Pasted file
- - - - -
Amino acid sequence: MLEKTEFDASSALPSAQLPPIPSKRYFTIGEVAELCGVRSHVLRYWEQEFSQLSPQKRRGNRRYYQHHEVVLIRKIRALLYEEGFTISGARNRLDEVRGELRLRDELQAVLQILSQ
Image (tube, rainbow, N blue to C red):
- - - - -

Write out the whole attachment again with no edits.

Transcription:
Amino acid sequence: MLEKTEFDASSALPSAQLPPIPSKRYFTIGEVAELCGVRSHVLRYWEQEFSQLSPQKRRGNRRYYQHHEVVLIRKIRALLYEEGFTISGARNRLDEVRGELRLRDELQAVLQILSQ
Image (tube, rainbow, N blue to C red):